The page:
Just as we anticipated, the massive $150 billion money laundering scandal unfolding in the Estonian branch of Danske Bank has finally attracted the scrutiny of international regulators, who have seized on the opportunity to tighten the noose around the neck of criminals and corrupt oligarchs operating in the Commonwealth of Independent States.

According to the Wall Street Journal, the Justice Department, Treasury Department and Securities and Exchange Commission are each examining Danske Bank following a whistleblower complaint made two years ago. It’s unclear for how long the investigations have been ongoing, though the conduct being investigated took place through 2015. The complaint also named Deutsche Bank and Citigroup as potentially complicit in the fraud, with DB acting as a correspondent bank on some of the transactions while some of the funds were run through Citigroup’s Moscow branch.

Shares are plunging on the news that a heavy-hitting international regulator is looking into the scandal, which has already spurred investigations in Denmark (where Danske is based) and Estonia (which is looking into the conduct of several Danske employees). Danske shares were down 5% in recent trading as fears of a potential “death blow sanction” – where a bank is excluded from handling dollars by the Treasury Department – intensified. Danske last year said it had initiated an internal investigation into the conduct. The money that flowed through its Estonian branch is several times larger than the annual flows through the Estonian banking system.


Meanwhile, CDS soared as investors rushed to protect themselves from a potential collapse.


…And this is why:

U.S. involvement in the case greatly raises the stakes for Danske Bank. It is already facing investigations in Denmark and Estonia over the allegations.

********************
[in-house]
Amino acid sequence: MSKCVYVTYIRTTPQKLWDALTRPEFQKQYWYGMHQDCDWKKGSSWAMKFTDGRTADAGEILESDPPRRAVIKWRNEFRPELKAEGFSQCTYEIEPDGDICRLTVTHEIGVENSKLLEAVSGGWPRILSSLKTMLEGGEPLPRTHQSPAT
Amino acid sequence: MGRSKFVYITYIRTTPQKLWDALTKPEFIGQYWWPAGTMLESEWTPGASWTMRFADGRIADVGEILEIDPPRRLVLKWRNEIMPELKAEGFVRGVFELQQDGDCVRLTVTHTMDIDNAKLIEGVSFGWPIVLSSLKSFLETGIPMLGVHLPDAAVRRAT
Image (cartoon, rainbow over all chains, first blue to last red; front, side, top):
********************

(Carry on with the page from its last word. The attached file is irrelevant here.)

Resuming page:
Per WSJ, the scandal may have been one reason for a recent trip that the Treasury assistant secretary for terrorist financing made to Estonia. It’s also notable that scrutiny appears to be intensifying as US lawmakers are searching for more excuses to justifying ramping up US sanctions against Russia.

Treasury Assistant Secretary for Terrorist Financing Marshall Billingslea visited Estonia in May. Russian illicit transactions into Europe were a particular concern, according to people aware of those discussions. Danske was mentioned only in passing. Mr. Billingslea and other top administration officials have jetted around Europe, pressing regulators to more aggressively police financial flows out of Russia. He visited Denmark in August.

“It is critical that they shore up their anti-money laundering regimes and that they clamp down and tighten down on how they regulate money coming out of Russia,” Mr. Billingslea told a Senate panel last month.

“There’s an enormous amount of money that is still being exfiltrated from Russia by both organized crime and cronies surrounding Putin,” he told senators, many of whom are seeking to levy new sanctions against Moscow.

While it’s extremely rare, the Treasury Department could theoretically opt to restrict the flow of dollars to Danske Bank. This so-called “death blow sanction” is extremely rare because it would typically send a lender spiraling into collapse (and given the fragility of the European banking system, deliberately knocking over such a significant domino could be risky). However, the US did recently prompt the collapse of Latvian lender ABLV using this cudgel (though, to be sure, ABLV pales in systemic importance when compared with Danske).

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